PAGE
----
Driving to work this morning was strange. Wednesdays are normally an unpredictable commute for me. Mondays and Fridays are generally light. Tuesdays and Thursdays are normally very heavy. Wednesdays however are unpredictable – generally heavier than Mondays but lighter than Tuesdays, impossible to predict with any precision. But this Wednesday’s commute was strange. It was more like Sunday. “Where are all the cars?”, I thought. My normal routine is to get in the car, connect my smartphone, and see which of the various combinations of streets, toll roads and highways is recommended by the algorithm supposedly derived from a light speed synthesis of data from the commuters who went before me. I have learned that the traffic insight generated by my portable communication device is far superior to the insight distilled by 21 years of navigating the same journey. Today’s selection surprised me. “I never go that way during the week”, I thought, “not unless I take the morning off and travel during the midday.”
The strangeness of the commute was continued when I pulled up to the parking lot I normally use and saw the entrance blocked by lonely orange sentinels. From the time I turned onto the street, parked in an alternate lot, entered the building, rode the elevator and placed my hand on the handle of the door leading into my office suite I did not see a person. No one. I was visibly relieved when I opened the door and saw my office manager smiling at me. This was the first indication that I was not in the Twilight Zone (or was I?). I nervously joked about both of us missing the rapture and was thankful that my nervous gesture was received with welcome laughter. Today has not been and will not be normal.
At least not normal in the sense of resembling days in weeks past. It may very well be normal in terms of what to expect for the near future.
It is time to define, at least for the short term, a new sense of normal.
It is now normal to treat everyone around me as if they have the flu.
It is now normal for everyone around me to treat me as if I have the flu.
It is now normal to not have everyone around me.
It is now normal to wonder what supplies the grocery store will have in stock, and to plan meals around what I can find at the store and in my cupboard.
It is now normal to not slow down as I drive through the school zone during a school day.
What is your new normal?
Are you working from home surrounded by children instead of coworkers
Are you craving fast food from a drive through just to get out of the house
Are you rationing bread and toilet paper squares – just in case?
All of us are having to acknowledge that this virus has changed the way that we live – the way that we will live.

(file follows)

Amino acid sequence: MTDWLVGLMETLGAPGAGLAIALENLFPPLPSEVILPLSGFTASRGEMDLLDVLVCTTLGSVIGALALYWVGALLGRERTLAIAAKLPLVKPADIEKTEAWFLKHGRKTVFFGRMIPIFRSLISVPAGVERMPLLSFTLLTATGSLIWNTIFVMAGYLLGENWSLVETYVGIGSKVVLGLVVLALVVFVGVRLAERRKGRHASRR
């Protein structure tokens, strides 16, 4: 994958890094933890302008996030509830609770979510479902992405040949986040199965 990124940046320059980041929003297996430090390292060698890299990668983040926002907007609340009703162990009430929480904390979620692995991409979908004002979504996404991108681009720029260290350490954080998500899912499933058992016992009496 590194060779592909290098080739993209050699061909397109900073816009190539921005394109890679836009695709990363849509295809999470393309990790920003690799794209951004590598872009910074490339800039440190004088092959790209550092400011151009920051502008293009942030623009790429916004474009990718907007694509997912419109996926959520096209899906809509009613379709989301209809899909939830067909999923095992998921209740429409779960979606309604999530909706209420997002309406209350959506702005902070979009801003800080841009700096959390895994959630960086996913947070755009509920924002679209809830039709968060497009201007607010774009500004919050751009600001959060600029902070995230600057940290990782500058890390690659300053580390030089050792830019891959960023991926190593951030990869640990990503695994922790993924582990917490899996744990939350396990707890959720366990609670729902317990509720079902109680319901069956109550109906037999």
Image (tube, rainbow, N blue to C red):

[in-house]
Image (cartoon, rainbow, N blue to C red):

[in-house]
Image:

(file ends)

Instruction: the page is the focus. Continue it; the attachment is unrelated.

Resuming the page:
Here are some suggestions to help walk through this season of adjustment.
ACCEPT – accept that we must change our expectations of the people and institutions around us.
GRIEVE – grieve the loss of those expectations and of those objects of expectations.
CELEBRATE – celebrate with gratefulness of heart for the good that is still in our lives and in the world. The psalmist was always careful to balance grief with gratitude. We should do no less.
REST – rest your mind and body. Slow down consumption of news. Slow down your busyness and activity. Be still and know God more deeply.
FEED – feed your body and your soul. Give them both the nutrition that they really need. Eat well, eat right. Meditate on the things that bring glory to God.
CONNECT – connect with God, with nature, and with others. Be open to receive from God and His creation a fresh understanding of who He is. Connect with others by phone or video to share requests and concerns. Social distance does not mean social withdrawal or isolation.
And remember – God has got this. God has got you.
He SEES you – He knows your situation. Every detail.
He HEARS you – your words, your whispers, even the unspoken wonderings of your heart.
He KNOWS you – He created you. He knew you before you were even born. You are not a mistake and you are not a disappointment, even when you are afraid.
He LOVES you – He loves you with a love that is beyond your comprehension. It is true.
I leave you with this passage from the 4th chapter of Paul’s letter to the church at Philippi:
Rejoice in the Lord always. I will say it again: Rejoice! Let your graciousness be known to everyone. The Lord is near. Don’t worry about anything, but in everything, through prayer and petition with thanksgiving, present your requests to God. And the peace of God, which surpasses all understanding, will guard your hearts and minds in Christ Jesus.
Finally brothers and sisters, whatever is true, whatever is honorable, whatever is just, whatever is pure, whatever is lovely, whatever is commendable—if there is any moral excellence and if there is anything praiseworthy—dwell on these things. Do what you have learned and received and heard from me, and seen in me, and the God of peace will be with you.
About Adam Mason, MAMFC, LPC-S, CSAT:
Adam Mason is an ordained minister of Christian counseling at Houston’s First Baptist Church and a licensed professional counselor in the state of Texas. He has a Master of Arts in Marriage and Family Counseling from Southwestern Baptist Theological Seminary and a Master of Arts in Religious Education with an emphasis in administration also from Southwestern. He regularly attends continuing education related to his field and has specialized training in the area of Spiritual Direction.